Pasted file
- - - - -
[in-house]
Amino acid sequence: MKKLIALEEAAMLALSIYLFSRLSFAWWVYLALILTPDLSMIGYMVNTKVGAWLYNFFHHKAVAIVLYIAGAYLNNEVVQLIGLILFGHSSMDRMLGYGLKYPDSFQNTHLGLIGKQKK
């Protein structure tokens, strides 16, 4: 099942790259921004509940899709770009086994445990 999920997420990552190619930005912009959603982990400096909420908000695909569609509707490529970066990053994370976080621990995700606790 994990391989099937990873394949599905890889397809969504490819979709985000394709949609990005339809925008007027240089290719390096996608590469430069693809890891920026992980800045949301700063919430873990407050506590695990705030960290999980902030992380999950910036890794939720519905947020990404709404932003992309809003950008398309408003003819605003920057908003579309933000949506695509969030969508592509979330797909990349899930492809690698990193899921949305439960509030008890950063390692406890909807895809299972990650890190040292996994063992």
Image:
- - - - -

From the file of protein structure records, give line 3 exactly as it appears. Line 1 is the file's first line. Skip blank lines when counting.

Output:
């Protein structure tokens, strides 16, 4: 099942790259921004509940899709770009086994445990 999920997420990552190619930005912009959603982990400096909420908000695909569609509707490529970066990053994370976080621990995700606790 994990391989099937990873394949599905890889397809969504490819979709985000394709949609990005339809925008007027240089290719390096996608590469430069693809890891920026992980800045949301700063919430873990407050506590695990705030960290999980902030992380999950910036890794939720519905947020990404709404932003992309809003950008398309408003003819605003920057908003579309933000949506695509969030969508592509979330797909990349899930492809690698990193899921949305439960509030008890950063390692406890909807895809299972990650890190040292996994063992």